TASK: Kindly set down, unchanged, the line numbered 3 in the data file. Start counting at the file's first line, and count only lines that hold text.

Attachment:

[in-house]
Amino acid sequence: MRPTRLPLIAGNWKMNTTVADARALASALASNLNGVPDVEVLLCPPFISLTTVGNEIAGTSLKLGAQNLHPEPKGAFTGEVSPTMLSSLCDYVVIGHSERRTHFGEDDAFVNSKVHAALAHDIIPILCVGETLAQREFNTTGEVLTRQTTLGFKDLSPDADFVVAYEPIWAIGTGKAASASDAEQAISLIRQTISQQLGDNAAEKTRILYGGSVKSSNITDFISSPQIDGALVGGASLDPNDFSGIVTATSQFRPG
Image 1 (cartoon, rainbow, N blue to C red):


Image 1 (cartoon, rainbow, N blue to C red):